During our trip to New York in the spring, we experienced a lot of sadness.  But we tried to make the most of it  and enjoy our time together in a city that we both love.  During one of the lighter moments, we strolled through Central Park, stopping to lay in the grass and watch the few puffs of clouds in the big blue sky.  It was exactly the release that we needed from grieving and high stress levels.  That Central Park moment was one of my favorites all year.  I’m certain it was one of J’s too, even though he’s never expressly said as much.  There was a small butterfly that kept flittering around us, leaving for only a few seconds before it inevitably returned to hang out.  Ever since that moment, when we spontaneously made up the butterfly song (“I’m just a butterfly, flapping my wings, flapping my wings”), we sing the silly verse to each other in tense situations to lighten the mood.  Sometimes arm-flapping is involved, which is simultaneously embarrassing and awesome.  I think it’s an important reminder to each other that even in dark times, there is lightness and love to be found if you look close enough.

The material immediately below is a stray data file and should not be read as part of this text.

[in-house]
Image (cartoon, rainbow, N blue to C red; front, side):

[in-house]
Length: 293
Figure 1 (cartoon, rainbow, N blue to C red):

Our butterfly song often pops into my head when I feel stress.  It’s ridiculous, that song, but it’s helped me remember to take a deep breath and move forward many, many times over the past several months. 

Work has been very, very good.  Spectacular, the managing partner told me as I helped him prepare for trial.  It’s also been very, very stressful.  I suppose the spectacular and the stressful go hand-in-hand when things are good in the legal profession.  Luckily, that combination suits me. 

Personally and professionally, my plan is simple.  I’m going to keep flapping my wings, flapping my wings.

Three Hour Lunch at Salumi

18 Mar